Internationally, collectors specialize in just about every subject imaginable. Early medicine and science, travel and exploration, military history, erotica, ethnography, cookbooks and local histories are a few of the most popular subjects. Subject collecting here usually focuses on a particular period of Philippine history. Only the richest collectors or institutions can afford to collect early European travel accounts or maps of the Philippines going back to the sixteenth and seventeenth centuries. A fifty-two-page anthology published in Venice in 1536, including the first accounts of Magellan’s voyage by Maximilianus Transylvanus and Antonio Pigafetta, was recently offered by a New York dealer for US$375,000. Seventeenth and eighteenth century illustrated books, atlases and Friar accounts of the islands can also fetch very high prices.

The Spanish Era in the Philippines lasted until 1898 and there are thousands of books, pamphlets and newspapers here and in Spain documenting this period. The revolution against Spain and the voluminous writings of the early “propagandists” and nationalists like Jose Rizal, Apolinario Mabini and the editors of La Solidaridad newspaper are very collectable. The arrival of the Americans and subsequent Philippine American War was well documented, although mostly from an American view of point. World War II and the war in the Pacific are also eagerly collected by military buffs and historians.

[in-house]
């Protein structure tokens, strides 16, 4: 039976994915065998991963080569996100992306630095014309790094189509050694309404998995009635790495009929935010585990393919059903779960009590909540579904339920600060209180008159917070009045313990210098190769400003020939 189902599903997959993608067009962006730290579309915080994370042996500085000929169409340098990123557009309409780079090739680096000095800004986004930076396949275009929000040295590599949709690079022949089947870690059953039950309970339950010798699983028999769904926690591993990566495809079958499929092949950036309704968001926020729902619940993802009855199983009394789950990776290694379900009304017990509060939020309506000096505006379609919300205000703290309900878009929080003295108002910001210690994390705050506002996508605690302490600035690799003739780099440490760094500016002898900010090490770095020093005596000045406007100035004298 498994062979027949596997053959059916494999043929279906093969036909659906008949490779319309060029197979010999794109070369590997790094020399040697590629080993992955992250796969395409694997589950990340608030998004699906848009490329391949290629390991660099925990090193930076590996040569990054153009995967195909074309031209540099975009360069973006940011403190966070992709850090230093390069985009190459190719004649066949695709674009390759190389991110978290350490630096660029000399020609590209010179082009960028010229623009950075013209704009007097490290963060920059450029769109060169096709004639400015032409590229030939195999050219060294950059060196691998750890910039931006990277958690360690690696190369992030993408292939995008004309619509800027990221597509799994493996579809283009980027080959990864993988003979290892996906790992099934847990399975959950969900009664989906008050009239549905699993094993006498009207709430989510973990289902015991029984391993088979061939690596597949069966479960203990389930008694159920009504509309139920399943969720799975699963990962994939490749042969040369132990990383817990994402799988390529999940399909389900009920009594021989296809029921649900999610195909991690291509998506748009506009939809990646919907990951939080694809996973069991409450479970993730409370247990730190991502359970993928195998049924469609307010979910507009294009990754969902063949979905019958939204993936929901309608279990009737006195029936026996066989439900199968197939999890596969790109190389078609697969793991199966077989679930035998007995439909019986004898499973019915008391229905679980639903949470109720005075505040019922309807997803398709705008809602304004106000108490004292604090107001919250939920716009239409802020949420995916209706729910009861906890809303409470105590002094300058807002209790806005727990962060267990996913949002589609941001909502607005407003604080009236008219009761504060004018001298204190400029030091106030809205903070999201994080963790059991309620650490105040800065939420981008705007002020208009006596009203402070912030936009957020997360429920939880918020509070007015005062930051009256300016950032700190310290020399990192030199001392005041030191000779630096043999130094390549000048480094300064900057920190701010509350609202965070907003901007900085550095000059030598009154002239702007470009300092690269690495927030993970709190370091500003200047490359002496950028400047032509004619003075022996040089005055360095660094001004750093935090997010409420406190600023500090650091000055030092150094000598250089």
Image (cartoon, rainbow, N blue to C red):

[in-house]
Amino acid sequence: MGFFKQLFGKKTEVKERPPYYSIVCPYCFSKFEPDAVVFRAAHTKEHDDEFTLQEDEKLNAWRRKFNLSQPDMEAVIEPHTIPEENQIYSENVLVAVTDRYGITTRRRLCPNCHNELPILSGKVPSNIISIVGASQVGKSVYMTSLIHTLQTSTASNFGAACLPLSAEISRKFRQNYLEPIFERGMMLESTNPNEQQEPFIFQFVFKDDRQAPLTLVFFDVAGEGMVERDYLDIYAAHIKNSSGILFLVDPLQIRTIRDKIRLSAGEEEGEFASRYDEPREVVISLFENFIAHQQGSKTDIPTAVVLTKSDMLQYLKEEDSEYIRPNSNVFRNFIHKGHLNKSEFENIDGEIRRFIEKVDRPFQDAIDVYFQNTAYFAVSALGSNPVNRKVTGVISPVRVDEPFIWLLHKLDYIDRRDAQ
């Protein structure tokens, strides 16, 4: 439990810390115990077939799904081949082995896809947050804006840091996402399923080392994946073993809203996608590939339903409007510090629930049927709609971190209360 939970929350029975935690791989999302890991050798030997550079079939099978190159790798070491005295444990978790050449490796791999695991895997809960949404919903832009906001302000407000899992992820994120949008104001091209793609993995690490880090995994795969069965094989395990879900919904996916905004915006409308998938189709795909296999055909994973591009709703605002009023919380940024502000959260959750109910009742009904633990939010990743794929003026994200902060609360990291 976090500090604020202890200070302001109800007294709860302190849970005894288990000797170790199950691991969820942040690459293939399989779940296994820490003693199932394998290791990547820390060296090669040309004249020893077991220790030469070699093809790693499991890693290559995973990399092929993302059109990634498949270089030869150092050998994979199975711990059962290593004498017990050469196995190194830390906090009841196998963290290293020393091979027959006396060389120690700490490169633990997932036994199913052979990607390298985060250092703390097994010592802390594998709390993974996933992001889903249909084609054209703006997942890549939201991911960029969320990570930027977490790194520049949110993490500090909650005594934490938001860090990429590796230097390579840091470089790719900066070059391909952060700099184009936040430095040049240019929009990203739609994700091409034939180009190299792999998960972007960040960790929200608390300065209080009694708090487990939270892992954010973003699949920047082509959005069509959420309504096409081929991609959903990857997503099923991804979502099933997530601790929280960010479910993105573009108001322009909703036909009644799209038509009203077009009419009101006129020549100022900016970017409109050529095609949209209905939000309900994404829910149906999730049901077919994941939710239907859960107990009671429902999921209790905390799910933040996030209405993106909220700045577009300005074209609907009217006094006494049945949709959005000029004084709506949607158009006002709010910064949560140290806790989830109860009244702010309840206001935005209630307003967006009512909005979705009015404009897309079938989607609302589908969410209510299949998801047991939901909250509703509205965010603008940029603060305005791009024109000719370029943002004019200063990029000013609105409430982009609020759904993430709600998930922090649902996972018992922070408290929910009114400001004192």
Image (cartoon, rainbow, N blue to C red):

One of the windfalls of the forty-three year American occupation of the Philippines was books. The Americans were obsessed with documenting their “new possessions”. Dozens of books were written about the Philippines and thousands of pages of government reports were published along with invaluable sets of photographs. From the late nineteenth century onwards, photographs became an increasingly important part of documenting history, culture and personal lives. If there is one priceless legacy both the Spanish and the Americans left the Philippines it is their love of books and libraries.

Budding book collectors can start out buying in-print books in their field of interest and work back in time to out-of-print and rare books as their budgets permit. Used bookstores offer many wonderful finds and the Internet and E-bay open up an entire world of possibilities for collectors. Avoid the more trivial coffee table books and overnight commercial publications. Try to ferret out works by serious writers and recognized scholars in their field, and get to know the high quality publishers and book dealers as well. If you travel abroad head for the book stores and buy books. Books may be heavy to carry home but if you buy wisely they will give you lasting pleasure and a lifetime of continuing education.